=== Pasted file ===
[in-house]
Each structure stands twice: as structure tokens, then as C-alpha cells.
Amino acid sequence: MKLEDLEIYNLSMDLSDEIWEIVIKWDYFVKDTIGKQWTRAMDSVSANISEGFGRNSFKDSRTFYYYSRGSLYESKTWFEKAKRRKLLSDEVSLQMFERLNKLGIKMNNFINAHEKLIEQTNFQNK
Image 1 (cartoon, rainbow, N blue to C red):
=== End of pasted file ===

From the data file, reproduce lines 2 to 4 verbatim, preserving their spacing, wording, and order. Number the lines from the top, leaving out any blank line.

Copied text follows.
Each structure stands twice: as structure tokens, then as C-alpha cells.
Amino acid sequence: MKLEDLEIYNLSMDLSDEIWEIVIKWDYFVKDTIGKQWTRAMDSVSANISEGFGRNSFKDSRTFYYYSRGSLYESKTWFEKAKRRKLLSDEVSLQMFERLNKLGIKMNNFINAHEKLIEQTNFQNK
Image 1 (cartoon, rainbow, N blue to C red):